29,879 reputation
32794
bio website brilliant.org
location San Francisco, CA
age 29
visits member for 1 year, 7 months
seen 21 hours ago

Calvin Lin is the Math Challenge Master at Brilliant. He was born in Singapore, represented his home country at the International Mathematical Olympiad in 2001 and 2002, and trained the Singapore IMO team in 2005. Calvin studied economics and mathematics at the University of Chicago and graduated with a joint BA-MA in Mathematics in four years. While he was a student at the U of C, he continued training bright young mathematicians as an instructor for the Young Scholars Program for four years.


Jul
25
comment Last 7 digits of 7th powers
@res Thanks for filling in the details, I have removed my down vote. The original solution wasn't clearly expressed and I didn't understand the meaning of "But being $ϕ(10^7)$ coprime with 7-th every invertible element mod $10^7$ is a perfect 7-th power".
Jul
24
comment Mediteranean Mathematics Olympiad 2014 number theory problem.
FYI, I think that is a good start. I was continuing your chain of thought.
Jul
24
comment Mediteranean Mathematics Olympiad 2014 number theory problem.
@AlexanderVigodner There is a unique (up to permutation) solution to your system of equations. A necessary and sufficient condition for the solutions to be integers is that the discriminant is a perfect square.
Jul
24
comment Last 7 digits of 7th powers
-1 This explanation doesn't make any sense at all.
Jul
21
comment I am searching for an unusual real-valued function.
-1 I don't think you can "assume $f(xy) = f(x) f(y)$", but otherwise this is nice.
Jul
21
comment Websites for math tests/quizzes
You can check out Brilliant.org's practice section. We are building out the Geometry and Calculus sections, which should be out by the end of the month.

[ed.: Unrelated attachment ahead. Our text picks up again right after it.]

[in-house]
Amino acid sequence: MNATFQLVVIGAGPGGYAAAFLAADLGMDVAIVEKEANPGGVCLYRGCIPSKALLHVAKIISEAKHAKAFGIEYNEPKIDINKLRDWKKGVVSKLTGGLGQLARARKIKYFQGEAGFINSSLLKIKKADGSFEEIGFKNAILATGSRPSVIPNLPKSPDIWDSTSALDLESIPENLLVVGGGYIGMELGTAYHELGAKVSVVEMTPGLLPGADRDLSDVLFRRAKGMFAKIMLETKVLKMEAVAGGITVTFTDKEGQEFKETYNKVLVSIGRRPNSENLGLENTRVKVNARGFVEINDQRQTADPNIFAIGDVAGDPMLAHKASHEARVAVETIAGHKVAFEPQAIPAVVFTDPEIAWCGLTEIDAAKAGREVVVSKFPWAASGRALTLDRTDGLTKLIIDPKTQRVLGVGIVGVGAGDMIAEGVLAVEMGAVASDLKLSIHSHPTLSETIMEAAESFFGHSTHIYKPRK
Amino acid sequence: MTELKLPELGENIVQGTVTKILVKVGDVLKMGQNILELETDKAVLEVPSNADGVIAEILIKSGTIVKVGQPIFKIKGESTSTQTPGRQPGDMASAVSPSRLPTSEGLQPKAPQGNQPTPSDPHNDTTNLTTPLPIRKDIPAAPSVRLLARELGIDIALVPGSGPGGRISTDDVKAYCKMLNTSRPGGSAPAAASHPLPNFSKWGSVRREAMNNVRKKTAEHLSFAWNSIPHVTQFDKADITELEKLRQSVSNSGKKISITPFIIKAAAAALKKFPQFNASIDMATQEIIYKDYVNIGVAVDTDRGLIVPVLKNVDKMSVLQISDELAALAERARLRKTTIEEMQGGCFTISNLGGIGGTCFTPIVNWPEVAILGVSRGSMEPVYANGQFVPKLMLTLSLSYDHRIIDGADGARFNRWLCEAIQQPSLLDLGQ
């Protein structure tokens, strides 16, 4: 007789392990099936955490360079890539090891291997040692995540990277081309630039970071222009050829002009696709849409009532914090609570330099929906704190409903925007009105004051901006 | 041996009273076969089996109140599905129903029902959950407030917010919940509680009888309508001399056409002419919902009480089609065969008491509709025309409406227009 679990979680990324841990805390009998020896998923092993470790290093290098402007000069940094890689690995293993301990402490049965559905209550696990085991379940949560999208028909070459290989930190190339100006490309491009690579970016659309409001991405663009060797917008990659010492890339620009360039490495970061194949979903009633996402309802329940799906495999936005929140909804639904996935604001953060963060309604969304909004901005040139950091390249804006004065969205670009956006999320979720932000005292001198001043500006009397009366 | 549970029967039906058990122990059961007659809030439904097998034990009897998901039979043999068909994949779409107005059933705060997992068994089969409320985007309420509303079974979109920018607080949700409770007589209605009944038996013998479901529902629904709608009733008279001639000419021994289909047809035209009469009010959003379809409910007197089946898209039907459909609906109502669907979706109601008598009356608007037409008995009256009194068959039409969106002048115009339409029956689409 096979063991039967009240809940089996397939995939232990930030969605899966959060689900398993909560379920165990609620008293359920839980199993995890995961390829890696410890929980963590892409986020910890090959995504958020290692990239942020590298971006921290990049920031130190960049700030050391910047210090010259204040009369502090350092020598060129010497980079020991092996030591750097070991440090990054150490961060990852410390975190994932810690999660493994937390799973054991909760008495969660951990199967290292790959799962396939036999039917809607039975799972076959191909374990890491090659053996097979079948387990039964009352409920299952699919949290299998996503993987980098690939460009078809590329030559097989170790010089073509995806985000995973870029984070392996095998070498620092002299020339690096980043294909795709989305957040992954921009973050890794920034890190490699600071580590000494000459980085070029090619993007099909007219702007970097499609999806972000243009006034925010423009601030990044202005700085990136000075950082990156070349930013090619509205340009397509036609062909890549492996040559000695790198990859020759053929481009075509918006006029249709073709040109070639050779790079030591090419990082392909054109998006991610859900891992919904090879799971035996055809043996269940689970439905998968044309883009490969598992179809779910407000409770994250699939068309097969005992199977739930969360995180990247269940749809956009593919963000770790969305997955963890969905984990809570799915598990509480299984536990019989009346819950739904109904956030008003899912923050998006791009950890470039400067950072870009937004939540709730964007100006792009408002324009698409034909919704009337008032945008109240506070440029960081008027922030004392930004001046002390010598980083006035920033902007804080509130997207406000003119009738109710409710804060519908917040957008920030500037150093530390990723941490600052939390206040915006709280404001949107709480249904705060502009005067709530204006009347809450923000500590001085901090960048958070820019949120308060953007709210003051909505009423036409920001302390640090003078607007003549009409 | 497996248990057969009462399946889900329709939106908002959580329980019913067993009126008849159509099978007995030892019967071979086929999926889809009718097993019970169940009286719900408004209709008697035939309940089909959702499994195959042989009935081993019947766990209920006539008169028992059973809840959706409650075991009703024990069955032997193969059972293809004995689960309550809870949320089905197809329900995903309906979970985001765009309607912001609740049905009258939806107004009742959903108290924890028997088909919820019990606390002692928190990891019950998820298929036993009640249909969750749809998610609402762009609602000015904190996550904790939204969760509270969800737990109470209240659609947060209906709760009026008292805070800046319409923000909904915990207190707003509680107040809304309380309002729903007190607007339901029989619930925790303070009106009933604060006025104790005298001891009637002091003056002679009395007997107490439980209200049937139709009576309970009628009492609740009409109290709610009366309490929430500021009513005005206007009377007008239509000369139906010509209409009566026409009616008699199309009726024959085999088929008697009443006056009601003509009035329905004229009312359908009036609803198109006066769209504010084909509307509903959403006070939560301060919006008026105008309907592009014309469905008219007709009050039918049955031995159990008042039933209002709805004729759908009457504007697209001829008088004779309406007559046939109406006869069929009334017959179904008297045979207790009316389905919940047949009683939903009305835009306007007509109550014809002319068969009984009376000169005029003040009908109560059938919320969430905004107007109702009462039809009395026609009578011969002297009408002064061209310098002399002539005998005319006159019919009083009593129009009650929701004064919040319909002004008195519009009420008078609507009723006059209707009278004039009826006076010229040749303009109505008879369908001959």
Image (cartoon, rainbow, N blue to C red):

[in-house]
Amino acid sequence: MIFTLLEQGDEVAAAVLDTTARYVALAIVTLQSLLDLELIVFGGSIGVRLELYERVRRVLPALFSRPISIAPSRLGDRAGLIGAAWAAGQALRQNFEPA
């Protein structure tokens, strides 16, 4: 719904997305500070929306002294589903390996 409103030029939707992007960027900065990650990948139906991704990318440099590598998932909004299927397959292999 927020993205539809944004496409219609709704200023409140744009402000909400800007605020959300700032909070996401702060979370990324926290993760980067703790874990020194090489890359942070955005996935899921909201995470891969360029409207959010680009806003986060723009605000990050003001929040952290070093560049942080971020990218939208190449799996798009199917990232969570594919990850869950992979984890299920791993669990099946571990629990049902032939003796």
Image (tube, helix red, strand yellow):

Jul
21
comment Find odd numbers $(o_1,o_2,o_3,o_4)$ such that $o_1^2-o_2^2=2(o_3^2-o_4^2)$ such that $o_1>o_2$ and $o_3>o_4$
There are solutions, like with $ p+q = r+s = 10$ and $ p-q = 4, r-2 = 2$, which gives us $p = 7, q = 3, r = 6, s = 4$.
Jul
20
revised N points and N perpendiculars
added 48 characters in body
Jul
20
answered N points and N perpendiculars
Jul
20
comment N points and N perpendiculars
@Semiclassical Potential gap is that "parallel" doesn't invert to "concentric". Also, you only go from a line to a circle if the center of inversion is on the line.
Jul
20
comment N points and N perpendiculars
How is it possible that "no two such perpendiculars intersect". Are these line segments, or lines? Otherwise, the perpendicular lines are not parallel, so much intersect.
Jul
20
revised Help with complicated functional equation
added 870 characters in body
Jul
20
answered Help with complicated functional equation
Jul
20
answered Finding the value of this product
Jul
20
comment Is this graph connected
Are you allowed to use negative integers, or is this graph only on positive integers?
Jul
20
answered Jordan chain when matrix has only one eigenvalue.
Jul
20
comment Nonlinear system of equations / factoring two-variable cubic over $\mathbb{R}$
@dmk Edited.......
Jul
20
revised Nonlinear system of equations / factoring two-variable cubic over $\mathbb{R}$
added 148 characters in body
Jul
20
answered Nonlinear system of equations / factoring two-variable cubic over $\mathbb{R}$
Jul
20
comment Nonlinear system of equations / factoring two-variable cubic over $\mathbb{R}$
Why can't we have $ u=v=w$ equal to some other constant? Since you said you used barycentric coordinates, do you want those to sum up to 1?